Here’s some ancient video with the song in the title (above–about “domestic terrorism”) being sung by Sir Bob Geldof… For those too young to remember, the event was “Live Aid,” an attempt at famine relief for the people of Ethiopia.
30 years later and famine (and war and guns and the killing of innocents) seems likely just as big a problem. Something to think about, maybe, as the festive–and cold and wet–seasons are upon us.
Of course, in football, the festive season means something different and it is definitely here.
(Our) Santi Claus (is on the sidelines, but…) has already delivered a wondrous gift. Who would have guessed Arsenal and Manchester City would be sitting over a dozen points ahead of the defending champions heading to the Christmas season? Let’s check those prediction posts, if you like.
Speaking of predictions… Maybe the powers that be in televised English Football knew a little something when they put this one on Monday Night Football. Or maybe you don’t have to be that smart. Surely Arsenal-ManCity had to look better than Chelsea-Sunderland or Manchester United-Norwich. 😀
Southampton-Tottenham might have been OK, what with the manager of the one now being the manager of the other and all that singing about Saints and Spurs and coming in. Liverpool-Watford? Huh? Everton-Leicester probably wasn’t even discussed, but that’s the one I watched today.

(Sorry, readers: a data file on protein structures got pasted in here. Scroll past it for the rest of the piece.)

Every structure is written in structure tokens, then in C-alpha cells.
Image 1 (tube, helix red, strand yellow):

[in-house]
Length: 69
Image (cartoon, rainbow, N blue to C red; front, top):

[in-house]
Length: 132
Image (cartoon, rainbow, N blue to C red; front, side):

I guess that’s why they play the matches–or wait until May to give away the trophies–except for the League Cup, which happens earlier.
Or so they say…
Leicester did the business up there on Merseyside so they will remain top of the table. Arsenal and City thus need a win to keep pace. As such, this is a big one.
Or is it?
Don’t tell anyone, but they’re all big, and, in fact, in my estimation at least, both managers would probably take a draw and move happily forward.
These ‘big’ matches, at least in the first half of the season, are as much about positioning and controlling the narratives. Whom do we favour on that account? Wenger or Guardiola?
Oh, wait, Manuel Pellegrini is still manager at Man City and, unlike the guy who used to manage at Chelsea, he might be professional enough to actually not want to lose this one, even if he’s already (or once again…) a dead man walking.
Geezus, those guys have a lot of hair… Makes it all the more tragic, I think. (The top photo, of course, is from a film made somewhere between that Live Aid show and the present…)
Do we care about the stories at Manchester City? Do we care about the billions of pounds spent on decent players–managers too–all in the name of putting Abu Dhabi on the football map?
We must, otherwise it wouldn’t be on television… 😀
In my opinion it is nice to see some of the best footballers out of Argentina, West Africa and Spain even if they only play part-time for their club team. Amongst los ches, Kun Aguero and Nicolas Otamendi will likely feature (Pablo Zabeleta won’t, still injured). From Cote d’Ivoire, Yaya Toure will play and Wilfried Bony and the young Nigerian, Kelechi Iheanacho, might. David Silva (actually born in Las Canarias) will pull the strings for the City attack while Jesus Navas (un Sevillano) might be charged with bringing pace and width.